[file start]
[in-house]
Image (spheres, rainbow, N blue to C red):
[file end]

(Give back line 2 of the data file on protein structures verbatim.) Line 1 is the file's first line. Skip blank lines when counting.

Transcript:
Image (spheres, rainbow, N blue to C red):